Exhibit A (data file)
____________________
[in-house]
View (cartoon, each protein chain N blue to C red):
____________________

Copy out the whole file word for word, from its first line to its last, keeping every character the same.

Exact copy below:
[in-house]
View (cartoon, each protein chain N blue to C red):